POLICE claim there has been a significant reduction in alcohol-related problems in an area of the city plagued by street drinking.

Officers say drunkenness and anti-social behaviour has dropped since officers started working with licensed premises in Lowesmoor, Worcester.

West Mercia Police recently found that two off-licences in the street were breaching their alcohol licence conditions.

The Worcester News previously reported that police told a Lowesmoor shop to remove high-strength alcohol from its shelves - as the sale breached the business's licence.

City councillor Lynn Denham said: "They are taking licensing enforcement seriously.

"Lowesmoor has long been suffering from anti-social behaviour and street drinking.

"The nature of off-licences means individuals buy alcohol and go elsewhere, there are corners and locations nearby where street drinkers congregate.

"There have been some breaches of licence conditions, which licence holders might not have been aware they were breaching.

"Police are working together with licence holders to address some of the problems there have been in the area."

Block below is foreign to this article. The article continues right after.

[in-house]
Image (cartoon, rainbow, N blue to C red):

Cllr Denham, who represents Cathedral ward, said one of the problems caused by street drinking was people urinating in public.

West Mercia Police refused to name the two Lowesmoor shops which breached their licence conditions.

Sergeant Paul Smith, of the South Worcestershire licensing team, said: “We are currently in talks with several premises on Lowesmoor to set up an initiative to help further reduce drunkenness and anti-social behaviour.

"All the premises are cooperating and working with us to make Lowesmoor a welcoming place to visit.”

The team's Twitter account said there had been a significant reduction in drunkenness and anti-social behaviour in the area since officers started working with licensed premises.

A spokesman for the force added: "The licensing team visited a number of premises in Lowesmoor over the past week and through these visits have seen a reduction of calls relating to drunkenness and anti-social behaviour.

"The team will be continuing this good work and are in the process of setting up a new initiative to help to continue the reduction in drunkenness and anti-social behaviour incidents."

Last month, police officers told a shop in Lowesmoor to remove £2,000 worth of vodka, called Soplica, from its shelves because it was not allowed to sell high-strength alcohol under its licence.

Sgt Smith previously said shops have a responsibility to abide by their licence conditions - to reduce pressure on officers and paramedics.

To follow the South Worcestershire licensing team's Twitter page go on @sworcslicensing